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The North Wind

The North Wind

The North Wind

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Abigail Faix
Abigail Faix
Features Editor

My name is Abby, I am a fourth-year student at Northern. I am studying Multimedia Journalism with a minor in Political Science. I've always been passionate about journalism since I was in high school....

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The North Wind is an independent student publication serving the Northern Michigan University community. It is partially funded by the Student Activity Fee. The North Wind digital paper is published daily during the fall and winter semesters except on university holidays and during exam weeks. The North Wind Board of Directors is composed of representatives of the student body, faculty, administration and area media.

THE END — Me, sipping my tea, as I prepare for my last few days at Northern. Finishing college is a tad more anxiety-inducing than I expected, but it feels good nonetheless.
Opinion — A nervous editor's reflections on time spent at NMU
Harry StineDecember 8, 2023

First Nations Food Taster cooks up taste of region’s history

In association with the Decolonizing Diet Project at NMU, the 12th annual First Nations Food Taster will be held on Friday, Nov. 9 in the Jacobetti Center.

The event focuses on dishes that are historically tied to the Native Americans of the Great Lakes area.

According to assistant professor of Native American studies Martin Reinhardt, it provides people with a rare opportunity to try less-than-common foods.

“[The Food Taster] is a unique opportunity to partake in foods that aren’t necessarily available every day,” Reinhardt said. “You can’t exactly go to a local restaurant, or to a grocery store, and get Indian food.”

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Patrons will be served from two serving lines and seated in a common area. The menu features both traditional and contemporary Native American dishes like venison and bison meatloaf, roasted turkey, wild rice, sweet potatoes, fish, crab abble sauce, cranberry pudding, pumpkin bread, maple baked beans and a variety of pecan-based recipes.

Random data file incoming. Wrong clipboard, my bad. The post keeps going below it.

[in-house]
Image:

The First Nations Food Taster is part of the ongoing Decolonizing Diet Project, which is an academic research initiative of the Center for Native American Studies, Reinhardt said.

According to the project’s website, the program is a multi-dimensional study that explores the biological, cultural, legal and political aspects of the relationship between people and foods of the Great Lakes region. The project is supported by several organizations, including NMU, the U.S. Forest Service, the Cedar Tree Institute and the Keweenaw Bay Indian Community, as well as a number of local businesses.

The event also serves as a fundraiser for the Native American Students Association’s largest event of the year – the annual Learning to Walk Together Traditional Pow Wow.

“The pow wow is definitely an immersive experience for students interested in Native American culture,” said senior environmental studies major Hilton DeTar. “It’s a great opportunity to learn about the culture that was here a long time before we were.”

Advance tickets for the event are $5 for students and elders and $12 for the public. They can be purchased at the Center for Native American Studies in 112 Whitman Hall.

Tickets at the door cost $7 for students and elders and $15 for the general public. The event will be held from 5 to 7 p.m.

For more information, call the Native American Student Association at (906) 227-1397.

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